We're all daydreamers at some point in our lives, if not most of the time, like yours truly. Sometimes when we’re bored, or we’re listening to a powerful song, or just looking out the window on the bus home, our brain has this amazing ability to be aware of our surroundings and, at the same time, imagine fantastic scenarios triggered by a word you heard, playing out entire scenes in your head, or imagining yourself dancing to the song you’re listening to. Sigmund Freud believed that daydreams, just like those images we see in our sleep, are a mechanism that helps us release a little bit of the unconscious load our minds carry. Nonetheless, what would happen if, more than just daydreaming, you suddenly start feeling like your surroundings aren’t real at all, to the point that you start questioning your own existence and identity? Reality starts feeling like a dream, in which you’re just there, acting, but you’re not you, and your surroundings aren’t there at all. You feel like an automat, or as if you could see the lines of green numbers that compose the matrix, but unlike Neo, you can’t control yourself or your surroundings. You are able to see everything and act, as you do in dreams, but you’re aware of this detachment.
The situation I just described is one that many people all over the world often have to deal with. No, this is not your average daydream, but a mental condition that might come with others like anxiety, seizures, substance abuse, or other personality disorders. Depersonalization basically consists of the sensation of being disconnected from your environment, as well as from your body and thoughts. That’s why you might feel like you’re trapped in a dream in which, however, you're conscious of your own detachment.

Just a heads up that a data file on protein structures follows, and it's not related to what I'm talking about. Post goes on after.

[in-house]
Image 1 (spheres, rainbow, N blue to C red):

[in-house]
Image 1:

According to a survey by the Health Research Funding, about 50% of adults in the US will suffer one or two episodes of depersonalization in their life. These episodes aren't necessarily linked with other mental disorders, and that’s why it’s quite likely that at some point in our lives we will go through an episode of depersonalization. However, it is considered a disorder if it happens frequently and affects your performance in everyday actions and your relationship with others.
Although depersonalization can have different causes, like post-traumatic stress, seizures, or brain disease, the same study points out that the main trigger in these episodes is stress. So, for instance, war veterans, rape survivors, or people who've had serious accidents, survived natural disasters, or witnessed violence are more likely to have these episodes. The same can happen to people who received head injuries or if they live with seizure disorder. The thing about depersonalization is that it works as an "escape" for your brain when it’s under stress. It’s as if your unconscious mind had an “eject” button that suddenly detaches you from your reality, creating that sensation of strangeness with your surroundings. Moreover, another common symptom is the sensation that you’re not in control of your actions and thoughts. Of course, it doesn’t mean that your body is acting on its own, but that's what it feels like.
The lack of discussion about this disorder, and the difficulty to describe it, makes those who live with it think that they might be losing touch with reality and, paradoxically, this fear makes the stress they live with even worse. However, depersonalization isn’t related to psychotic disorders, because at least you are aware of what is happening with your mind, whereas people with schizophrenia, for instance, remain in their inner world during psychotic episodes. This sensation and the fear that comes with it can also increase due to the fact that during depersonalization episodes you can feel like your body or the things around you are distorted. But that is an effect of the anxiety that the episode generates because your body enhances its senses and slightly alters your perception of the world.
Of course, it’s important to note that these episodes aren’t like when you’re disconnecting from your world while you listen to music. They all come with this set of symptoms, as well as others that a psychologist or a psychiatrist can determine. So, if you think you've experienced these symptoms, consult specialists who will help you treat it the best way possible.
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